I am always searching for ways to let my personality shine. Many people in this industry are very much a stand for me inside of that push. Marcia Pendelton (far right/next to me in the picture below), Founder and CEO of Walk Tall Girl Productions (www.walktallgirlproductions.com), has been one of my most fierce and resounding cheerleaders. During a production of a show she conceived "First Person Singular" which had a brief, weekend run at the Riverside Church Theater, she cast me to host and sing an opener and closer for the showcase which featured many of the best that the New York City stage has to offer. And I support anything that she does - from staged, cultural programs to special programs that help to market plays and productions to audiences. She's quite a fixture in theater and was instrumental in enrolling MTV/Viacom to let her bring a Black History program on "African Americans in Commercial Theater" to the building for the media juggernaut's employees (i.e. MTV, VH-1, NICKELODEON, CBS, BET, etc.). It took place in the 3rd floor theater of 1515 Broadway and I gladly moderated - simply because Marcia asked me to do it, but most importantly because this type of work is perfectly aligned with 'the life of riley' and how I aim to be a voice for 'pop culture and possibilities' - two of my favorite things to talk about. From left to right, the panel - which included a couple of friends (Norm and Tamara) - featured: actor Norm Lewis (currently cast non- traditionally in "Les Miz"); his co-star Q. Smith, a Broadway newcomer, who is also also a teaching artist and is currently working on a book about the contributions of contemporary African American women to the art, craft and business of theater; three-time Tony winner Hinton Battle, who is a singer/dancer/actor/choreographer/director, who choreographed Idlewild and can be seen as Wayne in film Dreamgirls; Tamara Tunie (who in addition to being a multi-media actress is now producing two Broadway shows i.e. "Spring Awakening" and August Wilson's "Radio Golf"... and I've referenced her before: (http://thelifeofriley.squarespace.com/rilys-blog/2006/11/15/tired-of-me-talking-about-dreamgirls.html)); Tiffany Gavin, currently director of professional licensing for Theatrical Rights. She is the only African American woman I know who has worked as an executive producer on a number of Broadway productions and also shepherded the organization's journey into the world of urban theater.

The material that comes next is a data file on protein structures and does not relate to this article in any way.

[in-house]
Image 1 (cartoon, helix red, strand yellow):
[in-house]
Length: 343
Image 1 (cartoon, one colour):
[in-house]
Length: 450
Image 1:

IT WAS AN AWESOME PANEL... to a packed THEATER... with lots of FORWARDING CONVERSATION in which our panelists weighed in on non-traditional casting (Norm and Q are cast in "Les Miz" which was an all-white cast when it first came to Broadway); the benefits of celebrity attachments (like Fantasia in "The Color Purple" or Usher in "Chicago") to keep booties in the seat; the good, bad, and ugly of adaptations (to or from stage) - like "The Color Purple" and "Dreamgirls"; the importance of Tyler Perry's success with audiences (via the chitlin' circuit) as a template for ensuring audiences of color go to all types of Broadway and Off-Broadway shows; what Tamara Tunie's new role as producer of two hot Broadway properties ("Spring Awakening" and "Radio Golf") to diversify the driving wheel of Broadway, which is usually comprised of white people; etc.
The panel could have gone on all afternoon. The audience was really into it. And I did my job to joyfully steer the conversation - at one point, reminding everyone of Philip Rose, legendary Broadway producer who brought Lorraine Hansberry's all-black play "A Raisin in the Sun" to life (and we know the revival with P. Diddy is soon to come to television on Philip Rose's shoulders). But more than that, this white man was responsible for cutting-edge casting that went non-traditional places - including Diana Sands who he cast in "The Owl and the Pussycast" opposite a white man. And he would continue to push the envelope and show that ANY ACTOR could play ANY ROLE to great success.
The feedback was good and I am excited to be booked again for more of these panels and eventually to have them recorded and airing all over for everyone to see.